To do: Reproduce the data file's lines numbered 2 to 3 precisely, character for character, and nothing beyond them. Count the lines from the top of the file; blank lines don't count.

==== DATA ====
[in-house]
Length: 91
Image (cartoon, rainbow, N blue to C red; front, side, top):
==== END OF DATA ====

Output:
Length: 91
Image (cartoon, rainbow, N blue to C red; front, side, top):